How to Build Your First Drip Campaign

How to Build Your First Drip Campaign
Drip campaigns are an easy way to nurture leads, which is essential to growing your customer base. Automated drip campaigns do take planning, but once you get your most important data and content in place, they require very little maintenance.  Of course, email drip campaigns are designed to move your leads toward a goal: engagement with content, subscription to the product, appointment for a sales call, or deeper use of your product. But on a broader level, think of your drip campaign as a way to trade content for engagement. You have to offer your customer something of value before they will give you what you want. ALSO READ: 10 Lead Nurturing Software Tools for Any Smarketing Team Start with a plan. You don’t have to account for every detail, but it’s good to have a map for structuring campaigns and targeting the right audience. 

Build Personas to Target Content Needs

If your team hasn’t built any customer personas, stop right now and do that. You can find some great (free!) sources around the web on how to build those personas, but I personally love HubSpot’s marketing persona templates and blog resources, if you need guidance. Your customer personas will go a long way toward helping you decide which pain points or challenges to target with your drip campaign. In addition to your persona’s educational and sales-related pain points, you might be trying to:
  • Deepen a current customer’s use of the product
  • Re-engage of a cold lead that showed earlier interest
  • Engage new email list sign-ups with an introduction to your product or campaigns
  • Launch a new product or offering
Each of these customer or marketing department needs will require their own email cadences and supporting content.  The value you offer to your customer generally comes in the form of content: videos, whitepapers, infographics, downloads, blog posts, etc. Sometimes you can offer discounts or special terms, but most customers are looking to gain knowledge. Planning your content also empowers you to think about brand engagement. How are you going to get your customers to engage with your content through clicks, views, or downloads, and how will you measure that engagement?

Write Your Content

Yes, your emails are part of your content. If you don’t have confidence in your writing skills, outsource the writing to your content team or other professionals. Once you’ve got a version of the email, cross-reference the content of those emails with your customer stories and personas to ensure there is continuity from email to email and with each targeted persona. Pardot suggests six different types of content to consider for your drip campaign, from sales-focused to educational:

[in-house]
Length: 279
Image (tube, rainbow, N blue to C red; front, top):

• Top-of-mind
  • Educational
  • Re-engagement
  • Competitive
  • Promotional
  • Training
Pick the content type that works best for this particular campaign and focus on that. Mixing too many content types will muddle your message and confuse your leads.

Email Examples and Suggestions

Wishpond suggests a 4:1:1 structure for your emails — four educational emails, one transitional email, and one closer. The educational emails offer immediate value in the form of a blog post, video, or some other small piece of content. The transitional email attempts to engage the lead with a larger piece of content like a whitepaper download. The closing email sets up a sales call. An important takeaway here is that you aren’t trying to close a deal; you want the emails to ready the lead for sales. HubSpot suggests a three-point email campaign to warm leads up for a sales call. Each of these emails should be short, informative, and increasingly urgent. 3 email campaign InsightSquared has had success with a cold lead follow-up built upon confirmations for a “lunch meeting.” This drip campaign makes the assumption that if you talk like you scheduled the meeting and just need confirmation, people can’t say no. I don’t like this approach, because the sneaky psychological tricks may turn customers off in the long-term, but it seems to work in some scenarios. Use with caution.

Email Writing Best Practices

Employ all of your best customer-content writing practices here. Short sentences, short emails, bullet points — you should be using these for your content anyway, but really pay attention to them here. These emails strive for peak engagement with an audience that can easily skip your email. You’ll only have about 10 seconds to get someone’s attention before they move on. In addition, consider writing your emails all at once, as Neil Patel suggests, to give them a unified feel. Building all your emails for a single drip campaign at once will help you build a consistent voice and maintain the same level of intensity.